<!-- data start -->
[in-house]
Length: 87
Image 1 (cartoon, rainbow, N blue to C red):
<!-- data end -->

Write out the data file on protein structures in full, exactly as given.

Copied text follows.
[in-house]
Length: 87
Image 1 (cartoon, rainbow, N blue to C red):